Imagine this. Your job is to storm the isolated airstrip guarded by a rebel force. You plan for months and have every detail worked out to the moment. The day of the event, anything and everything that could go wrong does go wrong. Enough is awry in your plan that you should abort to prevent mission failure. If you cannot adhere to the plan and cannot meet the goal, you abort to reduce loss.
But…Your Commander gave you the why beforehand. You must secure this airstrip so supplies and supporting troops can be flown in for the greater mission. If this support does not make it to this airstrip the entire war could be lost. This is your why – your Commander’s Intent.
Knowing the importance of your mission, you would adapt and improvise in order to accomplish the why. You wouldn’t freeze. You wouldn’t abort. You wouldn’t fail because your why defines your what and allows you to adjust the how.
This is pure genius.
In very basic terms, every military strategy has a Commander’s Intent stamped in the upper corner of every page. No matter your unit’s role, mission, or orders there on the top of the page is the WHY.
Every unit, every leader, every soldier has orders, proven processes, work techniques that strengthen the likelihood of the outcome, but they also have the freedom to adapt only the portions that require adjustment in order to achieve the WHY (this is the spectrum of improvisation). Improvise along that spectrum only what needs it.
Imagine employing that within your team or club? You start each season with a WHY that is linked to the WHAT and allow your sessions, your game plans, and your player’s decision-making to evolve around that WHY. As long as they adhere to teachings that still work but adapt where the chaos has won, they will achieve the WHY. If they achieve the WHY, leading to the WHAT, mission accomplished.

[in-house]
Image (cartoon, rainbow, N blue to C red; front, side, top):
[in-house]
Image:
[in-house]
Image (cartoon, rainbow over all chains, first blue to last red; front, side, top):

It allows total freedom to choose as long as they adhere to the WHY. The HOW can be their creative freedom!
Players stop being robots and spiders. They start becoming analytical, strategic, problem-solving. They won’t freeze out of fear of going against the protocols of the machine or the coaches “wants” but will adapt where needed to stay within the framework of the overall WHY and still achieve your and the club’s goals. You as the club leader or coach are willing to allow the spectrum of improvisation as long as the why is being met by the players in the long run.
That’s a game changer. No more debates over “free play” and “adherence to development needs”.
You can teach your players to adhere to the guidelines of the greater machine while also learning to play more empowered as independent problem solvers who don’t need to be given orders all game long. Give them a what, backed by a why, and let them figure out the how.
I have a story that shows the power of Commander’s Intent. Keep an eye out for it soon.